Pour finir de rendre cette restauration fil à fil tout à fait invisible et consolider les épissures, une teinture à base de gomme résineuse est appliquée localement sur la trame ainsi reconstruite pour que celle-ci, d’où provient l’effet de texture ou de motif, se fonde dans l’original (en l’occurrence la toile jaunie par la patine ivoire des siècles). Cette intervention sous un éclairage rasant et sous une loupe, si elle est bien réalisée et bien dissimulée, peut réellement être invisible sur les deux faces d’une pièce d’étoffe au point d’échapper parfois même à la main et à l’œil exercés d’une personne du métier qui, à l’œil nu et sous une lumière inadéquate, a tendance à confondre ces reconstructions avec des irrégularités apparues au cours du tissage. De fait, la structure artisanale du lin originel du Linceul, son calibre assez fort ainsi que son tissage serré en chevron sont de nature à parfaitement intégrer ce type d’intervention.

    Quant à l’échantillon de Zurich (et partant « l’échantillon 1 d’Arizona ») tiré de la partie claire de la bande C14 officielle du Linceul, celui-ci bien que ne présentant apparemment pas ou très peu de trace de contamination par une quelconque teinture14, n’en devait pas moins être recouvert d’une patine de microorganismes. De par l’aspect anormale de la zone où il fut prélevé, il suggère fortement, en tout cas, un second type d’intervention indétectable à l’œil nu car effectuée, elle aussi semble-t-il, sous un éclairage rasant et sous une loupe à fort grossissement : « un raccommodage à perte ». Cette technique consiste très précisément à insérer, entre les fils de trame et de chaîne, des fils (ici de coton) qui, à chaque fois, sont coupés à leurs deux extrémités sans faire de nœuds, les laissant ainsi littéralement se perdre dans le tissu de lin existant.

    Ces deux types spécifiques d’intervention (l’une dans le sens d’un remplacement de matière carbonée, l’autre dans celui à la fois d’un remplacement et d’un léger apport) permettraient de rendre compte de la grande dispersion des résultats observée (1238-1407) sur une si petite distance (à peine quatre centimètres de tissu).
    L’enduit de gomme arabique étant soluble dans l’eau et présent dans cette zone du coin supérieur gauche, il ne pouvait avoir été appliqué sur les fils superficiels des échantillons Raës et C14 qu’après l’incendie de la Sainte Chapelle de Chambéry de 1532. La teinture l’eût-elle été avant, celle-ci n’aurait pas dissimulé l’extrémité du bord supérieur de la grande auréole dentelée car l’eau de l’incendie eût entraîné les produits de la pyrolyse locale au cœur des fils. Ce revêtement coloré ajouté tardivement explique l’absence de fluorescence aux UV observée dans cette aire particulière du drap.

    L’histoire de la conservation du Linceul après 1532 permet donc de dater, d’une manière très précise, au moins une sinon les deux interventions. Seules, en effet, les quatre sœurs clarisses, en 1534, et la princesse Clothilde de Savoie-Bonaparte, en 1863/8, qui intervinrent de façon étendue sur la relique, auraient pu effectuer ce type de réparations invisibles de mains aussi expertes. Les sœurs clarisses s’étant vues confiée la tache bien spécifique de réparer et de consolider la pièce d’étoffe endommagée lors de l’incendie de 1532, la princesse de Savoie-Bonaparte s’avère donc être, pour ces travaux délicats de restauration, la candidate la plus hautement probable (aidée ou non en cela du maître tapissier de la cour royale d’alors). Ce d’autant qu’en 1863, cela faisait déjà plus de cinq siècles qu’à chaque ostension à mains nues, la relique se retrouvait être tendue à l’horizontale.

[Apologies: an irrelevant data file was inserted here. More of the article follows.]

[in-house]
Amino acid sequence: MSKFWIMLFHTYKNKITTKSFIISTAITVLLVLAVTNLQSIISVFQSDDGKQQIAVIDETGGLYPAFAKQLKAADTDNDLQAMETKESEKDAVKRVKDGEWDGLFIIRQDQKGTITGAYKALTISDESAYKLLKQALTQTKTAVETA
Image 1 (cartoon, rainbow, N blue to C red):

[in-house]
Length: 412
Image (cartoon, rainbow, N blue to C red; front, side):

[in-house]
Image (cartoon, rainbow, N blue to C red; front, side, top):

Tout ceci explique (ou expliquerait) pourquoi, lors de la découpe de l’échantillon et faute d’un éclairage adéquat (en lumière UV ou rasante), ces deux variantes locales passèrent totalement inaperçues aux yeux des experts textiles chargés de superviser le prélèvement pour la datation officielle de 1988. Toute leur attention était alors absorbée soit par l’étude technique du drap (qu’ils voyaient pour la toute première fois) soit par la présence gênante des fils de la couture épaisse qui liaient un résidu de la partie supérieure du Linceul au tissu à découper. Ainsi en oublièrent-ils de procéder à un examen minutieux du cœur même du site textile à prélever. L’eurent-ils examiné, ils n’auraient pu manquer, en effet, d’y repérer la petite reconstruction de forme serpentine, la teinture dissimulant l’extrémité du bord supérieur de la grande auréole d’eau dentelée ainsi que le caractère plus raide et plus sombre de la zone.

    En principe, une restauration « invisible » ne saurait échapper au compte-fil et a fortiori à la binoculaire lorsque l’œil derrière est compétent. Les photos qui montrent les Prs Francesco Testoré et Gabriel Vial († 2005) s’affairant avec divers instruments sont, cependant, on ne peu plus trompeuses en ce qu’elles laissent croire que lesdits experts étaient occupés à des vérifications préliminaires de l’intégrité de ladite zone quand, de fait, leurs vérifications ne furent pas étendues au cœur de l’échantillon mais se bornèrent à la seule lisière du drap. Ainsi croyant avoir libéré l’échantillon aux bords effilochés de tout fil étranger, laissèrent-ils à l’opérateur, Giovanni Riggi di Numana († 2008), « le soin » de réduire à une bande rectangulaire un peu plus régulière le rectangle grossier que celui-ci, à l’aide de ciseaux de chirurgien, venait d’extraire sans gants protecteurs et plus ou moins malhabilement à la pièce principale.